Joy Kirr is a middle school teacher, author, and speaker. Her 7th grade ELA (English Language Arts) classes are working to improve their lives through student-directed learning - without marks throughout the year. This is a log of their learning experiences... Want to have her speak with your staff or facilitate a workshop? Here is Joy's PORTFOLIO.

Tuesday, October 16, 2012

Disclaimer

Observations... Being observed by administration can be nerve-wracking for anybody. But when my assistant principal walked in the room and sat down, I looked at my class through her eyes. What did she see?






Yes, he ended up on the floor... still participating vocally, even if it's hard to see his hand raised!
No, she didn't see all of this - I took these pictures a few days later, when I could catch students unawares!

Of course, she did see the changes that have occurred in my teaching - I've never done a read-aloud. I've never had so many seating options. I've never had students "talk" with other students on a Weebly set up by a teacher out in British Columbia, Canada! After she left, I had my next lesson with the same students, and I felt things were more "normal." Students were doing what most teachers expected - me leading, students sitting up, following directions, writing quietly... But I've been doing it this way for years now. I should know how to teach in this fashion.

At home, I felt I needed to write a disclaimer for the outside of my door. Something like this...



I talked with her three days later, and she helped alleviate my fears. Even though she said when she first walked in she was "alarmed," (oh, how my stomach churned when she said this!) she stayed and observed the entire 40 minutes and kept taking factual notes. She assured me that I'd established an environment for learning. She reminded me that I gave students expectations.

I explained how during the first period she witnessed me teaching what I had never taught before, and how I'm still learning what is best for students in this regard. I admitted that I didn't know what percentage of students were actually able to multi-task (play games on iPads, doodle) while I read, and what students were not. She suggested a quick reflection for after the read-aloud, and I implemented this the next day. One of my hunches was right - one student only remembered the last bit of what I'd read...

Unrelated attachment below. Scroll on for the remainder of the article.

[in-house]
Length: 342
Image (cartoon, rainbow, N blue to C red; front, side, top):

The next few minutes of our discussion centered around Genius Hour. I told her we've got the routine down nicely, but I'd still like to see students follow their passions, and do something about it. I still have the goal for students to read, be inspired, and act on it. She then asked me such a simple question: "What do you need to do to make Genius Hour better?" The rest of the afternoon, this was my focus. My next step, I've decided, is to print out the pictures I took of the board during our first Genius Hour, and ask, during one-on-one conferences, which ideas were theirs. If they were bothered by bullying or animal abuse or racism or suicide etc... why aren't they trying to do something to help prevent it? Why aren't they reading up on the issues or reading books on the causes? Why won't they share what they've learned with us so we can help prevent these issues too?

Yes, I was nervous about being observed. I was nervous about the follow-up conversation. I still feel like I need to have a disclaimer on my door. I still question myself every day if this is the very best use of our time. I still reflect after each lesson to see where I could have done better. I'm still nervous when people come in to visit, as I don't know what they'll see and what they'll miss.  However... I still believe in what I'm doing. And I still need to be challenged, so I can keep figuring out if what I'm doing is right... or if I need to fine tune my ways once again.